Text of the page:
NOTE: Henceforth there is some ambiguity. Not on my choices, but on the order in which they are placed. I have done my best to sort them, but it is quite difficult given the situational nature of Magic cards. Not all cards are amazing all the time, and some of these are better than others based on any given gameplay state. That being said, this is a general ordering based on average effectiveness.


[c]Umezawa’s Jitte[/c] – This is where removal “card” really starts to make sense. The Jitte is a very common piece of equipment employed by Stoneblade and Weenie decks. It’s numerous modes all have some benefit, as the counters can be dumped even for lifegain if the equipment is subject to removal. However, the removal aspect is probably the most game-defining. Sure, the pumping means a potentially faster kill or a kill out of nowhere with a wild [c]Lightning Bolt[/c], but against a deck like Goblins, the Jitte counters relate directly to little dead green men and keeping swarms from taking over the game. Against a deck playing [c]Lingering Souls[/c], Jitte trades 2 counters for half of their card. Death and Taxes’ army of X/1’s cannot beat a Jitte on a [c]True-Name Nemesis[/c]; the advantage from the counters is too great. The versatility of the Jitte when combined with its removal potential earns it this spot.


[c]Vindicate[/c] – Three mana, anything dead. Need I say more? Spot removal for literally everything. Everything without shroud, hexproof, indestructibility, or protection that is.




Burn players worship this card. RUG, UWR, and Grixis Delver (yes that’s a thing) all run a playset of it. Death and Taxes (yes them again; they hate removal) plays [c]Mother of Runes[/c] in part to deal with the magical {R} for three damage spell. The card can even provide a little bit of reach to close out games when necessary. WARNING: Attempting to Bolt a 2/3 [c]Tarmogoyf[/c] without an instant in the graveyard will lead to its survival. Other than the weird Goyf errata, Bolt will deal with most early creatures the opponent can dish out without a problem.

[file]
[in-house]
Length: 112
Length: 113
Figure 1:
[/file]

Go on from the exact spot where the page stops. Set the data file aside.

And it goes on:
[c]Abrupt Decay[/c] – Two mana, dodges all counterspells, and kills almost every relevant early threat? Oh yes, this card is good. Often played in the same decks as [c]Maelstrom Pulse[/c], [c]Abrupt Decay[/c] kills things from [c]Sword of Fire and Ice[/c] to [c]Goblin Piledriver[/c] to [c]Liliana of the Veil[/c]. Any deck with green and black usually has this card at least in the sideboard, because it is so versatile. Heck, even ANT will board in three of this card to deal with misers like [c]Thalia, Guardian of Thraben[/c] and [c]Pithing Needle[/c]. The uncounterability is definitely its most powerful aspect, though, because as you all know Blue is the most popular, and often times considered to be most powerful, color in the format.


Oh come on, any savvy Legacy player knows what goes here! Just watch the video below to confirm that the number one spot is basically the most popular Legacy spot removal spell. I’ll give you a hint in case it’s 3 a.m. and you have no more brain cells left: It costs {w} and is an instant that will deal with ANY non-protected creature. Really, did you expect anything else in this slot?


That’s all for this week! I hope you enjoyed reading and watching, and I hope to see you here again next week for more Legacy action. Peace.